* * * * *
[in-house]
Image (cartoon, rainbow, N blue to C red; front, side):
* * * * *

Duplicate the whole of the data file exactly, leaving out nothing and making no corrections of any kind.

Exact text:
[in-house]
Image (cartoon, rainbow, N blue to C red; front, side):